Garlic Spray
Three large cloves of crushed garlic
1 tablespoon of vegetable oil
One teaspoon of liquid soap
One litre of water
Combine the garlic and vegetable oil and leave to soak overnight. Strain and add to the litre of water along with the liquid soap. Spray regularly. Garlic in known for its antifungal and antibacterial properties, but it is its insect repellent qualities that most gardeners admire.
   
 Powdery Mildew Spray/Milk Spray
Powdery mildew appears as grey or white powdery spots on the new foliage.  It causes puckering of the foliage and in severe infestations, a burnt appearance and leaf fall.   This disease occurs most frequently when night temperatures drop and relative humidity remains high.  Avoid the over-use of high nitrogen fertilisers as these can tend to make leave growth that is soft and more susceptible to disease.
1 part of milk
9 parts of water
Spray regularly over the leaves, paying particular attention to soft new growth
   
 Homemade Oil Spray
Mix 500ml of vegetable oil
½ cup of Sunlight dish washing liquid or other pure liquid soap
Blend thoroughly and seal in a clean, clearly labelled jar. Store in a cool area for later use.
Dilute one tablespoon of the concentrate into one litre of water before spraying.
   
Oil based mixtures can be used to suffocate mites, scale and other soft bodied insects. They help to repel leaf miner moths and some gardeners even find them effective against grasshoppers. Avoid using on plants with hairy leaves and during very hot weather.  
Molasses Spray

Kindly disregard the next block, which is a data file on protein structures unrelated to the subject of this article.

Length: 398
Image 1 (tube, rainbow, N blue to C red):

Dissolve one tablespoon of molasses into a litre of warm water.
Add one teaspoon of Sunlight dish washing liquid or other pure liquid soap
   
 Spray regularly over the leaves of all plants attacked by caterpillars and other chewing pests. Caterpillars would rather starve than eat leaves sprayed with this mixture. It has also been used with success by some gardeners as a possum repellent and for the treatment of soil affected by root knot nematodes by doubling the concentration of molasses.   
 Chili Spray
Small hot chillies (40-50)
2 litres of water
5 grams of pure soap flakes dissolved in hot water or a few drops of liquid soap
Puree the chillies and one litre of water together in a blender. Strain the mixture through a fine sieve and add the soap and the other litre of water. Spray this mixture undiluted on to plants.
   
This spray is a favourite with warm climate gardeners who have chillies in abundance almost year round. If you do not have a chili bush you can substitute chili powder or paste. Chili spray is particularly effective against ants, aphids and other soft-bodied insects.   
 Warning - This mixture can look attractive to children, so be sure to label correctly and store out of their reach. Wear gloves when spraying and ensure that the mixture does not come in contact with your skin or eyes.   
 (This text contains an edited extract from Annette McFarlane’s book, Organic Vegetable Gardening, published by ABC Books).